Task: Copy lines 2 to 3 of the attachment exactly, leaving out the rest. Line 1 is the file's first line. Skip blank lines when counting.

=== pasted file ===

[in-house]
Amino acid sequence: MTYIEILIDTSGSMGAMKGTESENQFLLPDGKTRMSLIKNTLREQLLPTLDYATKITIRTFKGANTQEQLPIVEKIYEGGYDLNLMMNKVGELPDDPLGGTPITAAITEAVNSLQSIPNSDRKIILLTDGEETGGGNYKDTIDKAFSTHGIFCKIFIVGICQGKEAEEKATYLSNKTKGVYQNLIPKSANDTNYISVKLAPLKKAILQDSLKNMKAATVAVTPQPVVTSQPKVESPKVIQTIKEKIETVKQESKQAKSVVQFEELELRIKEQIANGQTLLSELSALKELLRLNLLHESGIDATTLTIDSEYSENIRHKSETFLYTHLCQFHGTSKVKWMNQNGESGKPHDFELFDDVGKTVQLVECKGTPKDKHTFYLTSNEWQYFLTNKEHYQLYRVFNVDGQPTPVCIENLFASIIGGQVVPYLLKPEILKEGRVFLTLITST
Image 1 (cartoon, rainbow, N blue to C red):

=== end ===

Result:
Amino acid sequence: MTYIEILIDTSGSMGAMKGTESENQFLLPDGKTRMSLIKNTLREQLLPTLDYATKITIRTFKGANTQEQLPIVEKIYEGGYDLNLMMNKVGELPDDPLGGTPITAAITEAVNSLQSIPNSDRKIILLTDGEETGGGNYKDTIDKAFSTHGIFCKIFIVGICQGKEAEEKATYLSNKTKGVYQNLIPKSANDTNYISVKLAPLKKAILQDSLKNMKAATVAVTPQPVVTSQPKVESPKVIQTIKEKIETVKQESKQAKSVVQFEELELRIKEQIANGQTLLSELSALKELLRLNLLHESGIDATTLTIDSEYSENIRHKSETFLYTHLCQFHGTSKVKWMNQNGESGKPHDFELFDDVGKTVQLVECKGTPKDKHTFYLTSNEWQYFLTNKEHYQLYRVFNVDGQPTPVCIENLFASIIGGQVVPYLLKPEILKEGRVFLTLITST
Image 1 (cartoon, rainbow, N blue to C red):